Are You Overcommitted?

December 7, 2010

Do you feel stretched thin, with too many requests and too little time? If so, you may need a “yes diet,” or at least some re-direction of your "yeses."

Saying “yes” to every request is a sure-fire way to clutter up your day. Sometimes, people say “yes” to avoid a difficult conversation, or because they are already strapped for time to complete some other task that they said “yes” as a quick and easy way to out of a conversation so that they can get back to their other task(s)…

What are your options?

Say “no.” True story: Many years ago I worked in a department that was counseled to say “no” if requests would impact work that you already had in progress. The objective was to have the management staff prioritize the work. The first time someone asked me for assistance when I had something else going, I said, “no.” It was an odd feeling to have the VP of the division send out an e-mail praising the fact that I had effectively blown-off a request for my time.

Saying "no" should be reserved for those times when you really cannot and would not want to respond to the request, under any circumstances.

Counteroffer: First, take the time to understand what someone wants, when, and why. Perhaps their request will take up too much time and energy to fulfill within their desired time frame. If that is the case, propose to deliver at a later date. Perhaps, and based on your understanding of what someone wants, you might be able to propose a different option that hadn’t been considered, but would fulfill the needs of the requester.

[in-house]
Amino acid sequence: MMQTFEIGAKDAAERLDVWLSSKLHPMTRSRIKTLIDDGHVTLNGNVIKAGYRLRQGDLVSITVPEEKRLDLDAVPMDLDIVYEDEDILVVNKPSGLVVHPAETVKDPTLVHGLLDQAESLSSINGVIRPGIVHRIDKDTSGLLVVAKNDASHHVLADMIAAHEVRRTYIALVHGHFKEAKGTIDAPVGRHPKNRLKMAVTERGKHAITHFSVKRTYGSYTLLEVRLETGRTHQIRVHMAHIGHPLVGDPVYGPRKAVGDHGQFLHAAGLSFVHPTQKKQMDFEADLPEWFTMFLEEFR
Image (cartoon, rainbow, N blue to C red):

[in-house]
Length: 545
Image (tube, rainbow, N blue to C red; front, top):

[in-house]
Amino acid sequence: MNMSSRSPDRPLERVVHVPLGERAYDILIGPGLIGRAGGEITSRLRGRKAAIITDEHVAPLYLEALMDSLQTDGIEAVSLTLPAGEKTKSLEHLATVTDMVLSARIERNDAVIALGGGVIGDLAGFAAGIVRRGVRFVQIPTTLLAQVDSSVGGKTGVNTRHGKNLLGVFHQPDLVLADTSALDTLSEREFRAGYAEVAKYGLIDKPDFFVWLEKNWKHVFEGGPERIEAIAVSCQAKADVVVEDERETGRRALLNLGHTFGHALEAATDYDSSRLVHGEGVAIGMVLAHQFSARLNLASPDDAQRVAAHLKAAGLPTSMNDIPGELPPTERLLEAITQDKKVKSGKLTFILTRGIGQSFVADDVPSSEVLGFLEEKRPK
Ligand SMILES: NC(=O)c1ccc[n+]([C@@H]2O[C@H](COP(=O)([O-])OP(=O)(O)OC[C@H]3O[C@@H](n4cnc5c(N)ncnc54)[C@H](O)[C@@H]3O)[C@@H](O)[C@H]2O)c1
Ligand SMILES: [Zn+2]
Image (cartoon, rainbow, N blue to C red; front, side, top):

Commit to a “date for a date.” Promise to get back by a certain date with a response, because you can’t tell someone yes or no at the present moment. Perhaps you need to check with someone else before making a commitment (saying "yes" is making a commitment) because you will need their help in fulfilling the request. Perhaps you need to research and estimate the work, and you need additional time to respond with a responsible answer. Committing to getting back to the requester by a certain time or date is perfectly reasonable.

Renegotiate: You made a commitment (you said “yes”), but now you realize that you can’t deliver. Perhaps some unanticipated difficulties arose. Let people know with enough time for them to find an alternative. Be responsible, don’t put this off and hope for a miracle.

In a great coincidence (I wrote this post days ago), I came across a post written yesterday by Laura Rose that provides another great perspective on this same topic: “Just say ‘No’” isn’t as simple as it seems.